it was a cold july day that i noticed the little booth somewhere between the doughnut place and the magazine stand in pike place market. there wasn’t much to it, a few sausages in the display case, a couple more hanging in the fridge in the back, and a sign that said creminelli. there were also samples. two flavors of salami were offered, but i couldn’t get beyond the tartufo. not only was the salami wonderfully fresh (not tough and chewy, the reasons why i rarely love salami), but the truffle cast just a cool shadow of flavor without being assertive.
and so, the quarter-sized piece of meat, even thought may have been sitting out in the doughnut oil filled air, made me an instantly faithful follower of this salumi artisan, named cristiano creminelli. it’s an italian name.
though the creminelli family has been saluminating for hundreds of years in italy, cristiano moved the business to the states less than two years ago. based in springfield, ut, the salamis and sausages are gradually migrating from state to western state.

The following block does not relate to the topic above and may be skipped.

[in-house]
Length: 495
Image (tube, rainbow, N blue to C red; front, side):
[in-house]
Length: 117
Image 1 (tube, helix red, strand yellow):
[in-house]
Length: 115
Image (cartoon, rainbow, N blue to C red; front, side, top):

though you can practically see the ham packed display cases of de laurenti’s from the creminelli spot, i like to think that they will form a niche of their own. though the meat isn’t cheap (a link of the truffle salami was about $15), the quality is high enough to make it an occasionally justifiable treat. choice cuts from organically fed piggies on small farms combined with patient, traditional production makes it so.